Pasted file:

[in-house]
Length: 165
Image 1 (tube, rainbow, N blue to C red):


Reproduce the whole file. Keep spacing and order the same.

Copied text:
[in-house]
Length: 165
Image 1 (tube, rainbow, N blue to C red):